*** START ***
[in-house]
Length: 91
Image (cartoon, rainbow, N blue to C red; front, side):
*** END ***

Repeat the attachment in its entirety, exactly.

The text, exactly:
[in-house]
Length: 91
Image (cartoon, rainbow, N blue to C red; front, side):